Aug 18, 2014

Predatory Thanatosis and Shakespeare's Falstaff

Camouflage: Yellow Warbler

At Butlers Birds on 8/14/14  [], the blogger mentions the Eastern Pee Wee and the House Finch in connection with “predatory thanatosis,” a wonderful academic phrase that means mimicking death--yes, playing possum, or playing dead like Falstaff--Shakespeare's comic, pragmatic, lovable, execrable, drunken, cowardly, obese knight, Sir John Falstaff. (see below).

I wondered about a bird's reasons for pretending death. It's usually for safety--creating lack of interest from a predator. But some think it's possible that a bird might be trying to trick a predator or a prey into coming close enough for a surprise counterattack by the supposedly injured or dead "possum bird."And if birds don't do it, other animals do.
Eastern Wood-Peewee or Eastern Phoebe ??
I looked at a couple of additional sources on Wikipedia and found that some male spiders fake death in order to improve their chances for survival after mating with a female.The males usually die after mating, and sometimes the female eats her suitor.

So how could I fail to think of poor old Edward Lee and Sadie Bell in my last post (8/13/14). Here it is again, with the news above from the animal kingdom added for a bit of context. You’ll be forgiven if you find yourself humming “Frankie and Johnny” as you read—“Rat a tat tat, three times she shot, right through that hardwood door. He was her man, but he was doin’ her wrong.” 
Female Baltimore Oriole? Trying to be Subtle?

I hope you'll look at Wikipedia's fascinating info on predatory thanatosis, even at the risk of finding your imaginative self picturing these bird, snake, fish, spider, and human maneuvers in 3D Technicolor.

Once again from The Oakland Press, Pontiac, Michigan, July 26, 2014:

Bond revoked for Southfield woman convicted of shooting boyfriend over sexual performance.         
            Sadie Bell, 58 . . .  shot her longtime lover, Edward Lee, after he produced what she believed to be an inadequate amount of ejaculate during a sexual encounter.
            She accused Lee of cheating on her.
            Bell and Lee had been having an affair for 15 years . . . .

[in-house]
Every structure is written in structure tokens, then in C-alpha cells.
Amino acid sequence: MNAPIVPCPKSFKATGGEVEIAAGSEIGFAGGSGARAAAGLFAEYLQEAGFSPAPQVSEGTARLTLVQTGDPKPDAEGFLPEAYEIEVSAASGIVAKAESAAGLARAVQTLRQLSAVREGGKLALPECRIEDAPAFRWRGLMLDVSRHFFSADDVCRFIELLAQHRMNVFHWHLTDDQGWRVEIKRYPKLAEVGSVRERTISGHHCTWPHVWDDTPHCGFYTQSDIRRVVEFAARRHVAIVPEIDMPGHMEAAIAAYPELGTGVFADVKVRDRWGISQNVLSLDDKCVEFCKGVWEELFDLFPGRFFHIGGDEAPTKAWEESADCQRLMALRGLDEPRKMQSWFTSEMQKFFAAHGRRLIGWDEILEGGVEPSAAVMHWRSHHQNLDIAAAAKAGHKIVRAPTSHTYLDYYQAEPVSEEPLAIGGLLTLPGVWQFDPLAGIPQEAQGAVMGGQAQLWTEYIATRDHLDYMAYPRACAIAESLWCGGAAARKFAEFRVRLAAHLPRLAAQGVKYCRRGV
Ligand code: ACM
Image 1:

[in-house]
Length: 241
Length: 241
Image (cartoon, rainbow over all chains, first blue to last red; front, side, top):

I don't know if Falstaff can be appreciated
outside the plays themselves (both parts of Henry IV, plus
Henry V), but his self-serving, devious
humor can be seen here, as can the high stakes underlying the banter between him and Prince Hal, who has become King Henry V:

  • Henry V. That villanous abominable misleader of youth, 1445
    Falstaff, that old white-bearded Satan.
  • Falstaff. But to say I know more harm in him than in myself,
    were to say more than I know. That he is old, the 1450
    more the pity, his white hairs do witness it; but
    that he is, saving your reverence, a whoremaster,
    that I utterly deny. If sack and sugar be a fault,
    God help the wicked! if to be old and merry be a
    sin, then many an old host that I know is damned: if 1455
    to be fat be to be hated, then Pharaoh's lean kine
    are to be loved. No, my good lord; banish Peto,
    banish Bardolph, banish Poins: but for sweet Jack
    Falstaff, kind Jack Falstaff, true Jack Falstaff,
    valiant Jack Falstaff, and therefore more valiant, 1460
    being, as he is, old Jack Falstaff, banish not him
    thy Harry's company, banish not him thy Harry's
    company: banish plump Jack, and banish all the world.

See the gator snout just above the lily pads? Good time for the immature ibis to play dead


Pasadena Adjacent said...

Not Shakespeare - this is where you and I and the rest of the literary establishment part ways. I get it...but for me he's like the white canvas in the art world is to the vast majority. Yup, shakespeare is brilliant, top of the heap and an endless source of academic study - but I go bleary eyed after three sentences.

But birding - that's my new pleasure. I went to Walmart and purchased a double hooked bird feeder, a big bag of hummingbird sugar, two feeders and a 50 pound bag of seed.

Banjo52 said...

PA, points for honesty. And there's a lot of Shakespeare that does nothing for me. Ditto opera and a lot of other classical music.

Good luck with the birds. It's been a great hobby for me, and I've learned a lot about the winged ones and other animals.

Julie Brown said...

That is really interesting behavior that I was unaware that birds engaged in.

Banjo52 said...

Julie, I think I heard the spider business way back when, but the bird info is new to me too. In my pic, can you tell if I guessed right between Peewee and Phoebe?

Stickup Artist said...

Shakespeare trips me up. I think it's the old English.
Tennessee Williams is more my speed. "Predatory Thanatosis", fascinating. And I'm going to go to get one of those hummingbird feeders.

Anonymous said...

Falstaff can be very much appreciated in Chimes at Midnight.

Ken Mac said...

On vacation?

Ken Mac said...

is there a creature in there?

Ken Mac said...

man, you on a long vaca or what?

Ken Mac said...


Lovers' Lane